The Ducks have been a disappointment to date with an 18-16-7 record, which puts them six points behind eighth-place Colorado in the Western Conference. What they do in the next few weeks before the two-week Olympic break may determine whether they are a buyer or a seller at the March 9 trade deadline.
"I'll deal if the deal makes sense," Burke said. "We have inquired about players that'll increase our payroll. We just haven't been able to put those deals together."
Sykora appeared to fall out of favor with Burke and first-year Coach Randy Carlyle this season. The team seemed to be close to trading him in December, but rumored trades with the Rangers and the Boston Bruins fell through.
Carlyle put Sykora on the top line with center Andy McDonald and Teemu Selanne, but he was pulled off the power-play unit Friday against Dallas and played a season-low nine minutes.
"Obviously he felt that he should be given more of an opportunity to do what he does best," Carlyle said.
"We obviously didn't agree that he fit into that for us. He did respond for a short period of time. Other than that, we have made decisions that impacted his minutes and he didn't like it. You go forward."
Sykora figures to be a good fit with the Rangers, who have been looking to upgrade their offense for a playoff run.
"I'm just looking for a fresh start," Sykora said. "I get a chance to play. Basically I just have a half a season left."
Sykora's goal in the fifth overtime of Game 1 of the 2003 Western Conference semifinals against Dallas ended the fourth-longest game in Stanley Cup playoff history. He followed that up with a game-winning overtime goal in Game 1 against Minnesota in the conference finals.
I'm killing myself laughing at the idea of Petr having a heated exchange with Carlyle. Really, how could he be agressive? Sic his chinchilla on him? *sigh* And the blossom of Petr/Andy "Mac! He calls him Mac!" love, squelched and stomped upon. I would have been sad before, but since SDQ has converted me to evil, I just cackle with glee.
BLUESHIRTS GET SYKORA FROM DUCKS
By LARRY BROOKS
January 9, 2006 -- This is the kind of trade made by a general manager whose team exceeds expectations over the first half of the season and whose organization contains enough prospects that some become expendable in an accelerated process of development and winning.
This is what getting winger Petr Sykora from Anaheim in exchange for defenseman Maxim Kondratiev as Glen Sather did yesterday in consummating a deal for the talented 29-year-old sniper that the Rangers have been pursuing for nearly a month — as first reported by The Post on Dec. 12 — represents.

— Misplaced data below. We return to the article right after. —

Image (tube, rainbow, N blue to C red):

The Post has learned that the winger, who grew up in Martin Straka's hometown of Plzen in the Czech Republic and lists No. 82 as his idol in his Anaheim media-guide bio, phoned Sather on Dec. 10 (with Anaheim GM Brian Burke's permission) to inform the GM that he wanted to come to New York. That was the night assistant GM Don Maloney was dispatched to Montreal to watch Sykora against the Canadiens.
Coincidence or not, Sykora has registered nine points (3-6) in 11 games beginning that night, giving him a total of 20 points (7-13) in 34 games playing for a first-year coach in Randy Carlyle who took an immediate dislike to him.
The Rangers yesterday became much better and they became that much more dangerous in adding a legitimate top-six forward who not only bolsters their credibility on the attack, but allows Tom Renney to move Steve Rucchin into a more appropriate checking role.
Straka will center the first line with Jaromir Jagr on his right and either Martin Rucinsky or Petr Prucha on the left. Sykora, who has scored 25 or more goals in four of his eight full NHL seasons and at least 20 in another two — and who is deadly working on the power play either from down low or from the point — will play right wing on a line centered by Michael Nylander with either Prucha on Rucinsky on the left.
And with Blair Betts out through the Olympic break with a left knee injury he sustained early in Saturday's 4-0 victory over the Panthers, Rucchin can slide between Ville Niemenen and Jason Ward.
Make no mistake. This trade does not represent an abandonment of the youth program the Rangers embarked on at the 2004 trade deadline and has been implemented so successfully this season by Renney and his staff.
Rather, it indicates that the hockey department believes other young defensemen have surpassed Kondratiev, who played 24 games with the Blueshirts before being assigned to Hartford last week.
Sykora, meanwhile, is operating on the final year of a contract under which he's earning $3.116M — the Rangers will take a cap charge of $1,507,196, leaving them approximately $4M in space — and can become an unrestricted free agent this summer.
Petr squared on a line? Hee, that would be so cute! Also, Marty Straka his idol! Who is 4 years older than him! That will never cease to amuse me.